Negotiations with seller.

7 Replies

First off, I would like to say that i have successfully launched my first marketing campaign, and I am feeling very excited.

~first call from a seller~

A day ago, I received call from a seller I sent a letter to. He said he had a offer for 60k from another buyer. He also stated he had the property apprised and the appraisal was for 120k. The property is set for foreclosure the beginning on Feb. What I didn't find out was what was needed to be done to the property. How should I handle those situations if an offer is on the table? How can I be better prepared to negotiate those type of deals, in such a short notice? 

The offer may or may not exist, may or may not be serious, the buyer may or may not be able to close, the offer may or may not be subject to anything or everything.... since you are new, and do not have the experience to evaluate the "other offer', my advice is to ignore it.  You need to visit the property, inspect it and conclude what repairs may be necessary, the cost of those repairs, the value of the property as is, the value of the property after repair.  You then need to calculate your costs.  Assuming you are interested in purchasing the property to fix and either resell or lease, you will need to have cash or a financing plan line up.

From your questions it sounds as if you are not quite prepared to move forward with an actual purchase.  So let me suggest an alternative.  Find an experienced investor to partner with.  If you have capital, provide the capital in exchange for his expertise.  If you have no capital find an experience wholesaler to learn from.  I have seen many new potential investors, flippers, and wholesalers get to your stage and realize they don't now how to proceed.  It just takes the time acquire some more knowledge. The best way is as an apprentice to someone experienced.

Good luck!

Don,

Thanks for your advice. New in the business, I'm trying to figure out what is next. As a new wholesaler, I have a list buyers (which was easy to generate) and I still can't put two and two together. Even as I find deals from other wholesalers, I know there is a way I can connect the two pieces. Might not make the most I could, but it's the knowledge of knowing how to put everything I've learned, and everybody I've meet together. 

It all depends on your exit strategy. You will be better prepared by knowing the after repair value and repair estimates of property. You just have to be prepared to put property under contract at a price that works for your business and if you're wholesaling, be prepared to assign contract to buyer. Most but not all foreclosure properties do not have equity for wholesaling and are typically short sale type deals.  You need to also focus on building rapport with sellers. Lot of sellers will sell their property for less to someone they view as a cool person they can conversate with.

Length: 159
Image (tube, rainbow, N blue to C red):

If the seller was content with the deal, then he would have taken it. Instead, he contacted you. That is a sign that something is lacking. It could be trust, and it could be dozens of other things other than money. When you determine what that missing piece is, you can put together a game plan.

It would sound something like this:

"I appreciate you thinking of me and giving me a call. I have to ask, you already have an offer on the table, why not just take it?"

The answer to that question will tell you where to focus.

Then you can ask, "What were you hoping I could do for you?"

There is no need to try to make assumptions or guess how you can win the deal. You have to ask these questions in a sincere and nurturing tone. The seller will tell you exactly how to sell him. Find his pain. What does he really want? It's not always money. He may not have another place to go, need help moving, be unable to move, have poor credit so finding another place and turning on utilities could be hard, if there are renters in the property that could be his pain, etc. Your goal needs to be to solve that pain. Simply ask him. It sounds simplistic, but in sales today we try too often to have a slick answer or trick close. Those traditional sales tactics no longer work. Be sincere and the seller will guide you.

John Martinez

Terrence, 

Thanks for your input. If it is a foreclosure with no equity, it becomes a short sale. How is a short sale different from a normal wholesale deal? What are the down sides of doing a short as a wholesaler?

Hey John,

In your reply, you stated that asking the right questions will open up the seller. Simple talking to the seller. But if the seller is another investor, how does this conversation go? At that point is it really worth me pursuing the deal?

Originally posted by @Malcolm Brown :

Terrence, 

Thanks for your input. If it is a foreclosure with no equity, it becomes a short sale. How is a short sale different from a normal wholesale deal? What are the down sides of doing a short as a wholesaler?

 It's different in that you have to wait for the bank to agree with the sale of the house. The approval process typically takes 3 - 6 months to complete. Downsides are that it takes longer than a regular deal. It's also not guaranteed you'll get the price you want.